- William Shakespeare’s early play, Twelfth Night, or What You Will is a classic romantic comedy placed in a Christian-Pagan environment. By comparing and contrasting Twelfth Night with the movie She’s the Man, I am arguing that discrimination of the female gender in Twelfth Night is still relevant today. Shakespeare plays are known as being universal; his plots and characters are just as alive as they were in the late sixteenth centuries. By 1601, Shakespeare had already written A Midsummer Night’s Dream, Much Ado About Nothing, and As You Like It....   [tags: Gender, Woman, Gender role, Boy]

Research Papers
1236 words (3.5 pages)

"Twelfth Night" - A Tragic Comedy Essay

- Shakespeare’s comedies have always had a distinct subtext of tragedy as shown in Twelfth Night. It teeters on the brink of tragedian literature similar to his tragedies, such as Hamlet, through the ambiguity of the main characters and unfinished resolutions. Comedies are generally morally clear- the villains and heroes are clearly defined. Twelfth Night’s characters have a layer of ambiguity stemming from their use of illusion in the form of mistaken identity. A central theme of the play is the contrast between illusion and reality and how the characters in the play manipulate their various roles for their own benefit and against each other....   [tags: Shakespearean Literature]

Research Papers
1154 words (3.3 pages)

Twelfth Night Essays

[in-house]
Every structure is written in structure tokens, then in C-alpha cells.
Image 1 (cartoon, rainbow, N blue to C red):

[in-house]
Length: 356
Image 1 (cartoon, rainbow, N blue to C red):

- In Shakespeare’s play, Twelfth Night or What you Will, the characters are involved in a plot complete with trickery, disguise, and love. Each character is defined not by his or her gender or true identity, but by the role they are forced to take because of the complicated situation that arises. Unlike their gender, the speech the characters give an insight to their true personalities. In the Twelfth Night, the character Duke Orsino uses flowery and over-dramatic language, long poetic sentence structure, and melodramatic metaphors to display his overemotional romantic nature despite the different emotions in his various speeches....   [tags: Literary Analysis, Shakespeare]

Research Papers
967 words (2.8 pages)

The Purpose of Disguise in Twelfth Night Essay

- Theme of Disguise in Twelfth Night The notion of disguise is very important theme within Twelfth Night.  From my point of view I feel that the crux of the play is primarily based on this concept.  Indeed "there's something in it that is deceivable" summarizes this point precisely.  Disguise runs like a thread through the play from start to end and holds it all together just as tightly as thread would fabric.  Yet, paradoxically as the plot progresses there are many problems, deceptions and illusions, which provide a comment on human behavior and creating the needed escape of comedy....   [tags: Twelfth Night essays]

Research Papers
1145 words (3.3 pages)

Use of Disguise in Twelfth Night Essay

- Twelfth Night, "there's something in it that is deceivable". Disguise is very important as a theme in the Twelfth Night.  In fact, disguise is a crucial plot to the play.  It is the thread which runs through the play from start to end and holds it all together.  Yet, paradoxically along the way there are many problems, deceptions and illusions, providing a comment on human behavior and creating comedy. Women's parts were played by boy actors in Shakespeare's day, so the audience would have found special sophistication in Viola's part:  a boy dressing up as a woman who, in the play disguises herself as a man....   [tags: Twelfth Night Essays]

Research Papers
1063 words (3 pages)